Thinking of the future – OurWarwick

Thinking of the future

Bethany Goodman | Language, Culture, and Communication Contact Bethany

Many of you are now halfway through the first term of your final year and it’s starting to get a bit stressful isn’t it! Being constantly surrounded by careers fairs, talk of grad jobs and summer internships, and even family members asking what you’re going to do once you’ve finished your degree is one of the most difficult things in the world; but I promise you’re not alone in feeling overwhelmed by all of this. This post is dedicated to helping you get through the stress of job applications, by looking at them realistically and (for once) through the eyes of someone who hasn’t been successful and has really struggled with the whole process, not through the eyes of someone who has been handed every opportunity! 

Doing a degree like Language, Culture and Communication has been such an amazing experience for me and I feel like I’ve learnt so much and now have a wealth of life knowledge. But in reality, it’s really not the best degree title when applying for different jobs and grad schemes. It’s no surprise that the opportunities for those studying social sciences and humanities are so limited in comparison to STEM and other subjects. So where do you begin when your degree limits you from the get-go?

Figure out what sector you would enjoy…

The first thing to do is attend some careers fairs and get a very general idea of what sector you’d like to try and get into. For me I was most interested in PR and communications, but others doing my course are looking at careers in HR, marketing, and even recruitment. Careers fairs and the careers advice service will help you make this decision. 

Grad schemes…

Grad schemes are the absolute best way to get into the industry, especially if you’re studying a ‘soft‘ subject like I am. It’s difficult to get into PR, marketing and communications if you have no direct way of getting a job, so grad schemes really offer this opportunity. However, the downside is that they are near impossible to get!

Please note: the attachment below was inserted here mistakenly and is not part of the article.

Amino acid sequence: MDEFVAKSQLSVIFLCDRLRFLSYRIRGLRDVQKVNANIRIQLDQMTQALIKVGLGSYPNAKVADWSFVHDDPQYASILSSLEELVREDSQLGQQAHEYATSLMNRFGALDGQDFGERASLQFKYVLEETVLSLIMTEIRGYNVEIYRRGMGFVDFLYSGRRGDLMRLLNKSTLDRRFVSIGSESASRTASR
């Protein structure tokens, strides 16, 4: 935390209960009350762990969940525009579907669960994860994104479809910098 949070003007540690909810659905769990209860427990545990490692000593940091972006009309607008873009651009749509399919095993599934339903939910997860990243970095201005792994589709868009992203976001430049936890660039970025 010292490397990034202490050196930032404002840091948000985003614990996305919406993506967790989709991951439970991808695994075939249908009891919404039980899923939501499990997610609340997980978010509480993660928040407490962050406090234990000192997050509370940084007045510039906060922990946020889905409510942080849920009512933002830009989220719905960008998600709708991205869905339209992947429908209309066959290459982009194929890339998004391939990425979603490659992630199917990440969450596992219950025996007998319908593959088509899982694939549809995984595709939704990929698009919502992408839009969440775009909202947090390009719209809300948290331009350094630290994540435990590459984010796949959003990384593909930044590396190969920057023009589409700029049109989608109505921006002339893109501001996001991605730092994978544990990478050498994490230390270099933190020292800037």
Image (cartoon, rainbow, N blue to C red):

This isn’t a post to show you all how successful I’ve been after doing a summer internship and instantly getting interviewed for my dream job, this is a post to show you that it’s actually really bloomin’ hard to get into grad jobs and it’s totally normal to be rejected! I’ve applied to about 30 grad schemes so far, all across different sectors and sadly I’ve been rejected from the majority. The online testing systems are brutal and in all honesty I still don’t know what they’re looking for, but the companies are allowed to be picky because they just have so many applicants so please don’t take it to heart if you get rejected!

So my advice would be to apply to more than you think you’ll need to give you the best chance of success, practice the online tests before attempting the real thing, and don’t get too disheartened! 

Actual jobs…

Although now isn’t the time to apply for jobs that don’t come under graduate schemes or training contracts, it is a good time to have a look round and see what else is on offer. Grad schemes aren’t the be-all and end-all so remember that there’s so many more opportunities out there. 

Don’t get overwhelmed…

I know it’s so much easier said than done but try not to get overwhelmed by the whole process of applying for grad jobs, and remember to focus on your actual studying. I spent a heap of time applying for and getting rejected by grad schemes while neglecting my actual uni work so please don’t make the same mistake I did! Some of you might be finding the whole process a breeze and that’s totally great, but for those who aren’t don’t be discouraged.

Feel free to comment any of your own experiences/advice or get in touch if you want to talk more! 

Bethany Goodman | Language, Culture, and Communication Contact Bethany

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